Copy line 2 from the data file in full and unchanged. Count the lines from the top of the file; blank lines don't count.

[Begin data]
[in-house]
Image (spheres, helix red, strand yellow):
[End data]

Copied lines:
Image (spheres, helix red, strand yellow):